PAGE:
|This prospective study was performed to determine endogenous serum insulin concentration in dogs with diabetic ketoacidosis (DKA), and to compare it to endogenous serum insulin concentration in diabetic dogs with ketonuria but no acidosis (KDM), diabetic dogs with uncomplicated diabetes mellitus (DM) that did not have ketonuria or acidosis, and dogs with non-pancreatic disease (NP).
Forty-four client-owned dogs were included: 20 dogs with newly diagnosed diabetes mellitus (7 dogs with DKA, 6 dogs with KDM, and 7 dogs with DM) and 24 dogs with non-pancreatic disease. Blood and urine samples were obtained at the time of admission to the hospital.
Signalment, clinical signs, physical examination findings, and concurrent disease were recorded for all dogs. Blood glucose concentration, venous blood pH, venous blood HCO3 concentration, urinalysis, and endogenous serum insulin concentration were determined in all dogs.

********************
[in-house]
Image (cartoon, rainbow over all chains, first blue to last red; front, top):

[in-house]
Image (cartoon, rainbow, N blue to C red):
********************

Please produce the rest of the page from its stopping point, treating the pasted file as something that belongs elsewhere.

Dogs with DKA have significantly decreased endogenous serum insulin concentrations compared to dogs with DM (P = 0.03) and dogs with non-pancreatic disease (P = 0.0002), but not compared to dogs with KDM (P = 0.2). Five of 7 dogs with DKA had detectable endogenous serum insulin concentrations, and 2 of these dogs had endogenous serum insulin concentration within the normal range.
According to these results, diabetic dogs with ketoacidosis have significantly decreased endogenous serum insulin concentration compared to dogs with uncomplicated diabetes mellitus. However, most dogs with DKA have detectable endogenous serum insulin concentrations, and some dogs with DKA have endogenous serum insulin concentrations within the normal range.
Source: Parsons, Shannon E., Drobatz, Kenneth J., Lamb, Stephen V., Ward, Cynthia R. & Hess, Rebecka S. (2002): Endogenous serum insulin concentration in dogs with diabetic ketoacidosis.
In: Journal of Veterinary Emergency and Critical Care 12 (3), 147-152.
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